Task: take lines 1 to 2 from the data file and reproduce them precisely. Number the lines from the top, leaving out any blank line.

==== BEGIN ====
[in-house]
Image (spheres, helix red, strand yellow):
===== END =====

[in-house]
Image (spheres, helix red, strand yellow):